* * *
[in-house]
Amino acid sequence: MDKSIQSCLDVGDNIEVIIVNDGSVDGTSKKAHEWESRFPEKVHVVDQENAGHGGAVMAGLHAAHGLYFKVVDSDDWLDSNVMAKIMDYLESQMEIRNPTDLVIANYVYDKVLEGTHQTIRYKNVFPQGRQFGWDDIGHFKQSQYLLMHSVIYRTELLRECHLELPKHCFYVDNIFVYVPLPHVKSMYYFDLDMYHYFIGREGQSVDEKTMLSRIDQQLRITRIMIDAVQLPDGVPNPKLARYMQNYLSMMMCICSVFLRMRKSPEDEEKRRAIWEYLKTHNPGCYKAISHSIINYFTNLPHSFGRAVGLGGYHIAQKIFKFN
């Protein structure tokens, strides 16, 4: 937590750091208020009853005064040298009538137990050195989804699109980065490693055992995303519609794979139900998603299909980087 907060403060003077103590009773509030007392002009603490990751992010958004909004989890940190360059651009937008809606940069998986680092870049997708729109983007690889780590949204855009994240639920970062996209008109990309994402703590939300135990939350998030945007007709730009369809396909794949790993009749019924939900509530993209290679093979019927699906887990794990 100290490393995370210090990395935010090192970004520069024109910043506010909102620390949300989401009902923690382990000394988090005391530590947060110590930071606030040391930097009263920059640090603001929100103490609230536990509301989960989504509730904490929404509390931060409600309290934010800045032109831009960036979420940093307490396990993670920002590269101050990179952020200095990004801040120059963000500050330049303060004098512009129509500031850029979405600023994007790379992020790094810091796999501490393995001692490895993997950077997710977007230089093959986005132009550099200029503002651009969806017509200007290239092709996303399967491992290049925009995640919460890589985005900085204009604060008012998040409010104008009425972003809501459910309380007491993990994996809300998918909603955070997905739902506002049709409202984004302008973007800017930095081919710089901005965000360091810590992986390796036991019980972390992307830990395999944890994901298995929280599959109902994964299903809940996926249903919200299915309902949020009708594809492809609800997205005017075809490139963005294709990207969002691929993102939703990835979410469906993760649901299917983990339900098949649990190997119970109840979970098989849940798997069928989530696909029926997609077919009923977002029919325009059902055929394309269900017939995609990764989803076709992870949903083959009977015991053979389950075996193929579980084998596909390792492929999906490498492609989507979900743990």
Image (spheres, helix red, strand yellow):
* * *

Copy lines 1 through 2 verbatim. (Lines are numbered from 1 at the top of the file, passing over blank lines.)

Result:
[in-house]
Amino acid sequence: MDKSIQSCLDVGDNIEVIIVNDGSVDGTSKKAHEWESRFPEKVHVVDQENAGHGGAVMAGLHAAHGLYFKVVDSDDWLDSNVMAKIMDYLESQMEIRNPTDLVIANYVYDKVLEGTHQTIRYKNVFPQGRQFGWDDIGHFKQSQYLLMHSVIYRTELLRECHLELPKHCFYVDNIFVYVPLPHVKSMYYFDLDMYHYFIGREGQSVDEKTMLSRIDQQLRITRIMIDAVQLPDGVPNPKLARYMQNYLSMMMCICSVFLRMRKSPEDEEKRRAIWEYLKTHNPGCYKAISHSIINYFTNLPHSFGRAVGLGGYHIAQKIFKFN